269. I do not generally think about seasons when I stitch. I tend to stitch what I love and don’t pay attention to the season. My color pallet choice does tend to be the typical autumn season type colors, rich and bold!

  270. I adore Hazel’s designs. The colours she uses are very pleasing to my eye as are her Jacobean influenced designs.
    The seasons do influence my work at times. In the winter months my husband and I travel to northern Australia in the caravan to escape the depths of winter. The light and landscape is very bright and sunny and I find that I gravitate to colours that reflect this such as whitework or richly coloured projects. When I return to the south where it is still winter I am glad to work on heavier work such as crewel with wool, felt projects etc and usually in much warmer or autumnal colours.

  271. I am too slow with my embroidery to be able to stitch with regard to seasons. Maybe if I start stitiching now, I might have something done for Spring, but that is doubtful too, as I have a couple of christmas things that I’ve been working off and on for 2 years! I had not thought of stitching with seasons before and it is certainly a welcome new idea.

  272. It’s all about color, design & function for me. Seasons never have come to mind, just whether I was interested in the design or not.

    That will be a lovely gift for someone. Thanks for the opportunity.

  273. I don’t think I’m a seasonal embroiderer. I don’t know whether that has to do with the fact that I live in Florida or not. When I lived in Philadelphia, I don’t think it mattered either. I just go to the next project, whatever it be.
    I would especially love this book because I’m trying to learn crewel/Elizabethan/Jacobean stitches–whatever you want to call it–and am not a traditionalist, so this really appeals to me.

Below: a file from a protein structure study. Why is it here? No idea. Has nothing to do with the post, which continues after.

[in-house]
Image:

274. I am definitely not a seasonal embroiderer. I may start a summer project that is not completed until winter. I tend to find projects I like and then complete them in order – without regard to the seasons.

  275. I am a seasonal stitcher, but am always trying to
    catch up, so consequently, I am always out of
    season. Hazel’s book looks wonderful and I’d love to win it.

  276. I am a very seasonal embroider, my favorite season is Autumn. I just love the colors of Autumn, simply beautiful! I also stitch for holidays especially Christmas ha ha!


  277. I was so interested in this book when you reviewed it. I had about given up on crewel, having developed a strong allergy to wool, so this was an eye-opener for me and on my “must have” book list. I tend to rotate projects by season but especially enjoy displaying embroidery during the fall and winter months. I don’t display as many needle arts projects in summer so don’t sew as many, either, although I am loving your hummingbirds and flowers project, so that may change!

  278. I dont stitch seasonally. I stitch what I feel like and sometimes, put it aside to do something a bit more appealing. This is a lovely book – something might have to be put down so I could do one if I won!

  279. I would love to get my hands on a copy of this book. I am a very fortunate man. My wife supports my habit and I do several kinds of needlework and embroidery is the closest to my heart. This is such a step up from the crewel pillows I made when we were married soon to be 47 years.

  280. I have been doing embroidery since my grandmother taught me when I was 8 years old. It has seen me through many of life’s happiest and saddest moments. I stitch all year round but do allow the change of seasons to alter my thread and pattern choices. I have various projects going on at once and make sure I always have one that is portable since I am a caregiver for my parents. I love to stash away projects for the long winters that we have in the area where we live. The Fall finds me hoarding projects, threads and patterns in rich colors. I often think that once a person begins the art of embroidery, your whole life is enriched.